The Market Today

New York Fed Report Shows Activity Remaining Strong Despite Delta

by Craig Dismuke, Dudley Carter

CORONAVIRUS UPDATE  Vining Sparks Coronavirus Chartbook and Vining Sparks Coronavirus State Charts

Following the NFIB’s Small Business Optimism Report, which showed a decline in economic expectations to one of the weakest levels on record, Goldman Sachs put out results of a separate survey that reflected a similar tone. According to Bloomberg’s analysis of the data, 75% of the 1,145 small businesses surveyed by the megabank a couple of weeks ago are worried about how rising virus cases may impact their business, while 86% are concerned about current inflation trends. In other virus-related news, Wells Fargo delayed its return-to-office plans again, pushing the date out to November 1. The Netherlands loosened some restrictions, Scotland said it would offer Pfizer shots to anyone 12 to 15 years old, and the U.K. announced it was moving forward with a plan to provide booster shots to anyone over the age of 50 starting next week.



Mortgage Applications Improve on Strong Week for Purchase Apps: Mortgage applications rose 0.3% during the week ending September 10 on mixed results categorically and unchanged mortgage rates.  Refi applications fell 3.2% WoW but purchase applications jumped 7.5%, the third-best weekly jump of the year.  The four-week moving average for purchase applications is now up 5.1% over the past four weeks.

Empire Fed Shows Activity in Region Not Slowing for Delta: The New York Fed’s report on regional manufacturing activity in September jumped from 18.3 to 34.3, beating all economists’ projections and the far exceeding the consensus view that the index would decline.  September’s index was the second highest level in 17 years, only surpassed by the July tally. Driving the headline index higher were increases in all five ISM-related components: new orders, shipments, delivery times, inventories, and employment.  Also much stronger was the average employee workweek index which jumped from 8.9 to 24.3, its highest level in 17 years. The prices paid index remained very elevated, but inched lower for a fourth consecutive month.

Any Recovery in Auto Manufacturing?: Industrial production is expected to increase 0.5% MoM in the August report at 8:15 a.m. CT.  Manufacturing production is expected to gain 0.4%.  Of particular interest will be any gains in auto manufacturing, given the persistence of the slowdown caused by the chip shortage.


Longer Treasury Yields Tumbled after Softer Inflation Provided Some Taper Relief: Treasury yields had moved higher ahead of Tuesday’s U.S. session, with the 10-year yield up 2.0 bps at session highs ahead of the August CPI report. However, yields immediately turned lower after the BLS reported monthly changes for headline and core inflation that were less strong than expected. Despite some firmness in categories that may provide a firmer base for inflation, particularly rents, several of the pandemic-effected categories posted sizeable monthly price declines, including hotels, airfares, car rentals, and used cars. The Fed has held tightly to the belief that much of the recent strength behind the unusually high inflation readings will abate as the economy more fully reopens and dislocations in the supply chain and labor market ease. Markets appeared to presume softer August inflation may allow the Fed to take a more measured approach to tapering asset purchases. Although the 2-year yield drifted down just 0.6 bps to 0.21%, the 10-year yield tumbled 4.2 bps to 1.284%, up from a daily low of 1.26%. With the 2-year, 10-year spread flattening to its lowest level since August 24, financial stocks declined. However, equities’ troubles were broad-based and led by cyclically sensitive sectors. The S&P 500 ended down 0.6%, posting a daily decline for the sixth time in the last seven trading days.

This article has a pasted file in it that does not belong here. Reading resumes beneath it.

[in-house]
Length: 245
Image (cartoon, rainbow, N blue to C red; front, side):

Treasury Yields Had Added to Those Declines Early Wednesday as Foreign Equities Struggled: Hong Kong shares slumped on regulatory concerns and China’s CSI 300 slid 1% following weaker economic data. Analysts blamed virus restrictions amid regional outbreaks for the 2.5% YoY increase in retail sales in August, a large miss of the 7.0% gain expected. Industrial production and fixed investment also rose less than expected. The weaker data may have contributed to softer pricing in metals commodities and helped drag European stocks lower. Energy companies, however, posted strong gains and were among the few winners as oil prices continued to climb. Both Brent and U.S. WTI had added 1.3% earlier, with the latter trading above $71 a barrel at the highest level since July. U.S. crude inventories fell significantly more than expected last week according to an industry report. At 7:30 a.m. CT, U.S. equity index futures were little changed and the 10-year Treasury yield had declined 1.5 bps to 1.27%, a low since August 23. Contrary to softer U.S. inflation, responsible for the two-day drop in Treasury yields, U.K. inflation measures were hotter than expected, including a spike in YoY CPI from 2.0% to 3.2%, a nine-year high.

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